When Your Medical Team Keeps Growing
Last updated: August 2023
I can barely keep track of my doctors anymore. I know the important ones, of course, like my primary care and rheumatologist. I have an eye doctor and a dentist. That used to complete the list, but at some point, the team started expanding and it seems like it’s never going to stop.
People say that autoimmune diseases don’t like to travel alone, so I suppose they also like to pick up medical professionals along their journey. Recently, I had a staggering number of appointments in a row which led me to make a list of all my doctors. This idea was also inspired by another article I wrote about having "lupus plus" – a phrase I use to describe having numerous health conditions.
My expansive medical team
It was a bit hard to make this list. I had to look through my patient portals, emails, and calendar to make sure I didn’t miss anyone. So far, I’ve come up with 20 medical professionals, and any new problem can easily add another one. I’m starting to dread the word "referral."
Here’s a list of my medical professionals with a brief explanation of why I see each one:
My primary care provider treats my hypertension and acid reflux and helps me to figure out new health issues as they arise (often with referrals). She acts as a central person in my medical team, though it's hard for her to keep track of everything. I typically see her every 3-4 months.
This is an interventional pain specialist that treats inflammatory, likely autoimmune related, pain in my spine. I see him as needed for treatments and follow-ups.
This provider is also called a physical medicine doctor. They help me with my impaired muscle function and other types of injuries from joint and tissue problems. She also specializes in medical Botox as needed; I see her 3-4 times a year.
Perhaps the 5th one I've worked with since being chronically ill, my physical therapist specializes in pelvic floor therapy (which I needed after my second baby) but is also helping me with neck pain and overall stability issues. I see her weekly when I can.
Eye doctor for vision care
My eye doctor manages my contact lens and glasses prescriptions.
Eye doctor for medical care
This eye doctor manages my chronic dry eye, cornea disease, and annual hydroxychloroquine screening. When I have a flare-up of either eye disease I see him every 1-2 weeks, otherwise just 1-2 times a year.
I see my dentist 3-4 times yearly due to dry mouth exacerbating my overall dental health.
My Sjogren's doctor works in oral medicine and helps track and manage my oral Sjogren's symptoms.
My Ear, Nose, and Throat (ENT) doctor manages various issues including chronic hoarseness, tinnitus, and nasal issues.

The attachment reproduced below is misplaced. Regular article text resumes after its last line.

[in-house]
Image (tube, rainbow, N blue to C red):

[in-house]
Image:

Sometimes I only see my OBGYN for an annual exam, but since I have polycystic ovary syndrome (PCOS) I get checked out if I go longer than 2 months without a period to ensure there are no cysts or other problems that need to be addressed.
My neurologist specializes in migraines and I see him about 3 times a year. I may need to add another neurological doctor to my team soon as they tend to be ultra-specialized.
I have IBS and other GI symptoms that flare up from time to time. I see my gastroenterologist twice a year, which means scheduling a colonoscopy sometimes.
My dermatologist prescribes anti-inflammatory creams for my facial rashes and does an extra thorough skin exam every year partially due to precautions from my biologic medication.
My sleep specialist manages my sleep apnea and CPAP machine, and my overall sleep health.
I started seeing this professional after kicking a weight management doctor off of my healthcare team (due to them only wanting to prescribe appetite suppressants and requiring a 1,200-calorie daily diet.) That's a resounding nope from me! The dietitian advises me on meal preparation with chronic pain, sensory issues related to food, and improving overall nutrition.
I see my therapist weekly when possible. She helps me process struggles from chronic pain, anxiety, medical issues, grief, marital stresses, depression, parenting, and other mental health challenges.
This doctor specializes in psychiatric care and prescribes low-dose ketamine for depression. I chose this route because therapy and lifestyle changes haven’t been enough to treat my depression and I can’t take anti-depressants because of my extensive dryness.
I will begin seeing a cardiologist soon. I’ve been putting off a visit for years as it wasn't crucial. That changed when I began having spikes in my resting pulse up to 140 bpm.
For some reason, I’ve traumatized my feet over the past year and ended up with terrible inflammation in my toes. I’m hoping we’ve resolved it and I can take the podiatrist off my list soon.
My medical team keeps growing
You might be thinking, how do you have time to see so many specialists? The truth is, I don’t. I make it work the best I can, between virtual appointments, back-to-back appointments, and sometimes taking my 1-year-old with me. And let’s not forget about all those additional sick visits as a mom of 2 young boys!
Frankly, I don’t like having so many health issues and needing this many professionals to care for me. Who would? I also get frustrated easily when I feel like an appointment was not helpful because it all takes so much of my time, energy, childcare, and money to have these appointments.
Adding to the medical busyness, both of my sons have multiple specialists and my older son has 10-12 hours of therapy weekly. It feels like an enormous job to manage our medical care – so much so that I often drop the ball and struggle to pick it back up again.
How large is your medical team? Do you expect to add more doctors in the future?
Have there been things you have learned along your lupus journey that you wish had been explained to you by a healthcare provider earlier?